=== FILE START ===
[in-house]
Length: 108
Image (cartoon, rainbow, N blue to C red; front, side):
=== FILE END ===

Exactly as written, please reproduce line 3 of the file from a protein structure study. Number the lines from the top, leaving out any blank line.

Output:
Image (cartoon, rainbow, N blue to C red; front, side):